Garmin SOS fails South African biker after accident

Garmin InReach staellite communicator - looks like a palm size red and black mobile phone. Display shows "Initiating SOS" with the number 15 shown.

A South African biker’s post-accident medical treatment was delayed after the SOS feature on his Garmin satellite communicator failed to evoke a timely response from emergency services.

Rapport reports that Johan Swarts only received a call from responders while in hospital on the day after he suffered a serious crash, despite paying a R574.99 (US$31) monthly subscription for the service.

He told Rapport that a Garmin product manager only responded two months after his complaints and said the SOS was only received on 18 February, a day after the accident.

So, yes testing is important as well as informing someone where you are going and when you expect to be back, but this is extremely concerning as such devices (along the expense they incur) are intended for use in the most dire emergencies. South Africa, as well as the rest of Africa, has some very isolated areas.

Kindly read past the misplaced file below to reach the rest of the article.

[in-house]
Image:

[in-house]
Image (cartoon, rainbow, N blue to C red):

As of 2024 there are yet no reliable satellite services in Africa for ordinary cellphones, so the only option is a full-blown satellite phone (of course with its associated cost that many cannot afford).

Seems it did actually work if the message came through a day later. But where did it come through to a day later, and why? It’s like a key piece of the puzzle is just missing here. Certainly, a radio transmission is almost instantaneous, it does not transmit “slowly” over 24 hours. Seems to me, there was some human or system failure between the UK and SA? Due to the nature of this service, it warrants a really thorough investigation.


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